USFWS report: Past fuel treatments slowed spread of Card Street Fire

U.S. Fish and Wildlife Service staff at Kenai National Wildlife Refuge just released a report that examines the effects of past fuel treatments on the refuge and how they influenced fire behavior and spread during the Card Street Fire on the Kenai Peninsula this past summer.

Here’s a brief summary of the report. Click on the PDF link below for the full report.:

The Fuel Treatments of the Skilak Loop Road area had a significant effect on the Card Street Fire. The combination of the 1984 tree crushing and the 2009 treatment effectively
manipulated the vegetation which resulted in conditions where firefighters could
successfully engage the fire in a direct manner. Although the 2009 treatment was mostly
intended for educational and habitat enhancement purposes, it was also effective at serving
as a fuel break. Neither of the fuels treatments would have stopped the fire on their own,
but they undoubtedly were beneficial at slowing fire progress and intensity to a level
where firefighters could safely conduct suppression activities. Had the treatments not been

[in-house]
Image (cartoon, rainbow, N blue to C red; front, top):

there, evidence suggests the fire would have sustained itself as a canopy fire and continued
to rapidly spread north and east, potentially impacting private property in the community
of Sterling, infrastructure associated with the Skilak Loop Wildlife Recreation Area, and
ultimately multiple values associated with the Sterling Highway corridor.

Click to access Effects_and_Use_of_Fuel_Treatments_during_the_2015_Card_Street_Fire_FINAL.pdf



About Alaska Division of Forestry

Alaska Division of Forestry website: Mission: The Alaska Division of Forestry proudly serves Alaskans through forest management and wildland fire protection. The Wildland Fire and Aviation Program provides safe, cost-effective and efficient fire protection services and related fire and aviation management activities to protect human life and values on State, private and municipal lands. The wildland fire program cooperates with other wildland fire agencies on a statewide, interagency basis.

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